20. be thrown back on something to be forced to have to depend on your own skills, knowledge etc:
Once again, we were thrown back on our own resources.

21. throw yourself into something to start doing an activity with a lot of effort and energy:
Since her husband died, she’s thrown herself into her work.

22. throw your weight around to use your position of authority to tell people what to do in an unreasonable way:
He’s the sort of insensitive bully who enjoys throwing his weight around.

23. throw your weight behind somebody/something to support a plan, person etc and use your power to make sure they succeed:
The party leadership is throwing its weight behind the campaign.

24. throw light on something to make something easier to understand by providing new information:
Recent investigations have thrown new light on how the two men died.

25. throw a light/shadow to make light or shadow fall on a particular place:
The trees threw long, dark shadows across the cornfield.

26. throw the book at somebody informal to punish someone as severely as possible or charge them with as many offences as possible:
If you get caught they’ll throw the book at you!

27. throw something (back) in sb’s face to be unkind to someone after they have been kind to you or helped you:
I felt that everything I’d done for them was thrown back in my face.

28. throw up your hands (in horror/dismay etc) to do something that shows you think something is not good but feel you cannot do anything to change it:
Ted threw up his hands in disgust. ‘Can’t you make her change her mind?’ he asked.

29. throw in your hand to stop trying to do something Synonym : give up

30. throw yourself at somebody informal to try very hard to attract someone’s attention because you want to have a sexual relationship with them

31. throw a punch to try to hit someone with your hand in a fight:
We need to sort this out before people start throwing punches.

32. throw a match/game/fight to deliberately lose a fight or sports game that you could have won:
He was allegedly offered £20,000 to throw the match.

33. throw dice/a six/a four etc to roll dice or to get a particular number by rolling dice:
You have to throw a six to start.

34. throw a pot to make a pot by shaping clay as it turns round on a special wheel

35. throw your voice to use a special trick to make your voice seem to be coming from a different place from the place you are standing

36. throw caution to the wind(s) to ignore the risks and deliberately behave in a way that may cause trouble or problems:
I threw caution to the winds and followed him.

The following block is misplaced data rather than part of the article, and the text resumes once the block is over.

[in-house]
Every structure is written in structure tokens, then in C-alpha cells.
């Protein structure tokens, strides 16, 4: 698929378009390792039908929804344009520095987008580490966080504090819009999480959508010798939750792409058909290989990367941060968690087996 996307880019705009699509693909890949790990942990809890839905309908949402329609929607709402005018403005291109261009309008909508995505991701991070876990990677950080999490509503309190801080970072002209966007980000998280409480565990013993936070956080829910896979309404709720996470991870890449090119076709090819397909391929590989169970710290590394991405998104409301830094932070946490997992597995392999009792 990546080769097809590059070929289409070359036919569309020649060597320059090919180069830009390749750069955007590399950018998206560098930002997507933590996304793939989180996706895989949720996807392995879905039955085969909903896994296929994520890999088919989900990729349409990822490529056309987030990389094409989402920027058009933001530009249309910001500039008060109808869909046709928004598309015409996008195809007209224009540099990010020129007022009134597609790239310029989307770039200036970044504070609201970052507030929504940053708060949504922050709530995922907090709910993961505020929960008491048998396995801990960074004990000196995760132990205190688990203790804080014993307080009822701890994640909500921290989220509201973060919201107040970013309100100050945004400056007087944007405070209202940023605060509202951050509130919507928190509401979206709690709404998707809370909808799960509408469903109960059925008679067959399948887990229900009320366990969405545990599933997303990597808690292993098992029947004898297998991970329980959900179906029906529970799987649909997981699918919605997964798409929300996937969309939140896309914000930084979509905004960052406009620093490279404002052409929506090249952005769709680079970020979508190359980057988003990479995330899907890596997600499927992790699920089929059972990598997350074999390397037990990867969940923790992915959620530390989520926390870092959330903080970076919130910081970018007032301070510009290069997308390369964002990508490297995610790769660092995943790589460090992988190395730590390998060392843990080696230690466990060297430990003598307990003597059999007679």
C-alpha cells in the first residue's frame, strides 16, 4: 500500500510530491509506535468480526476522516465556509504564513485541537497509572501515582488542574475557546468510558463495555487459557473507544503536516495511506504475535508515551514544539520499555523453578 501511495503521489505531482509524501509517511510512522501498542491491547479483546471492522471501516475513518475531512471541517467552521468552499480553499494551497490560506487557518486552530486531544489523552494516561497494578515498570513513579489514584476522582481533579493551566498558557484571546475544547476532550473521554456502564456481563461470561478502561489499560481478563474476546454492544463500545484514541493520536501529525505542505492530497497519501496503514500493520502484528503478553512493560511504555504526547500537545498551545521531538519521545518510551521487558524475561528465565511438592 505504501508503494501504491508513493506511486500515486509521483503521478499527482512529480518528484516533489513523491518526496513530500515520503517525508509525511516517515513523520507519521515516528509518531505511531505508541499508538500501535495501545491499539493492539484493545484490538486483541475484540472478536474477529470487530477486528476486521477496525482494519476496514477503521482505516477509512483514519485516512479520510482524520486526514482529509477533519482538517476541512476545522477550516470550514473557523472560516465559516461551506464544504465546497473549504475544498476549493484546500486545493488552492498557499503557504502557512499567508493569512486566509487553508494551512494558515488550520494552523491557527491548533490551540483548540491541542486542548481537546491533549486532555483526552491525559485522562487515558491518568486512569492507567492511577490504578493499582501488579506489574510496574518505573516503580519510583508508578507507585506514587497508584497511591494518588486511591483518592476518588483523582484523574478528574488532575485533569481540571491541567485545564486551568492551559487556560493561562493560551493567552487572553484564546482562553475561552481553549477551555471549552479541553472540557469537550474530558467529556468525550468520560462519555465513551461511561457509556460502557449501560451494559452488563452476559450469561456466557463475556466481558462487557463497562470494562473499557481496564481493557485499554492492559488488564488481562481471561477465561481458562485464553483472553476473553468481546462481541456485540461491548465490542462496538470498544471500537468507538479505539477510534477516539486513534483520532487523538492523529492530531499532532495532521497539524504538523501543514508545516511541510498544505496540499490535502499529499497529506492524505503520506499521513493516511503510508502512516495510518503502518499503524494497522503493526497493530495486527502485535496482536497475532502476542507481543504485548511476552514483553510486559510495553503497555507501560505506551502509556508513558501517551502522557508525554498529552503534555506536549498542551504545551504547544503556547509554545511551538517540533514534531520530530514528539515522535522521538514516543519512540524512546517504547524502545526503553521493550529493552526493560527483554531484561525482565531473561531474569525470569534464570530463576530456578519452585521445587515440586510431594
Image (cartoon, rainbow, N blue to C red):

37. throw the baby out with the bath water to get rid of good useful parts of a system, organization etc when you are changing it in order to try and make it better
throw in/cast your lot with somebody at lot2(8)

[TahlilGaran] Dictionary of Contemporary English

II. throw2 noun [countable]

1. an action in which someone throws something:
That was a great throw!
a throw of over 80 metres

2. an action in which someone rolls a dice in a game:
It’s your throw

3. a large piece of cloth that you put loosely over a chair to cover it and make it look attractive:
a brightly-coloured cotton throw

[TahlilGaran] Dictionary of Contemporary English

throw
verb
ADV. angrily | casually He threw the keys casually down on the table.
aside, away, back, down, out She threw her head back and laughed.
VERB + THROW be ready to, be tempted to, want to | threaten to He threatened to throw her in the river if she screamed.
be going to
PREP. at He threw a stone at the window.
in/into I just wanted to throw myself into his arms and cry.
to She threw the ball to him.
towards
PHRASES throw sth open He threw the double doors open in a dramatic gesture.

[TahlilGaran] Collocations Dictionary

throw
verb
1.
BAD: He picked up a small stone and threw it to Sally's window.
GOOD: He picked up a small stone and threw it at Sally's window.

Usage Note:
You throw an object at the person or thing you want to hit (NOT to ): 'One day Dr Roseberry lost his temper and threw a book at me.'

2.
BAD: Some smokers just throw their cigarette ends.
GOOD: Some smokers just throw their cigarette ends on the ground.

Usage Note:
throw sth + away/down/on the ground etc : 'You could save the paper for recycling instead of just throwing it away.'

[TahlilGaran] Dictionary of Common Errors

throw
to confuse someone slightly
It threw me when I saw the different salesman.

[TahlilGaran] English Idioms Dictionary

throw
θrəu
See: free throw , people who live in glass houses should not throw stones

[TahlilGaran] English Idioms Dictionary


TahlilGaran Online Dictionary ver 14.0
All rights reserved, Copyright © ALi R. Motamed 2001-2020.

TahlilGaran : دیکشنری آنلاین تحلیلگران (معنی throw) | علیرضا معتمد , دیکشنری تحلیلگران , وب اپلیکیشن , تحلیلگران , دیکشنری , آنلاین , آیفون , IOS , آموزش مجازی 4.41 : 2167
4.41دیکشنری آنلاین تحلیلگران (معنی throw)
دیکشنری تحلیلگران (وب اپلیکیشن، ویژه کاربران آیفون، IOS) | دیکشنری آنلاین تحلیلگران (معنی throw) | موسس و مدیر مسئول :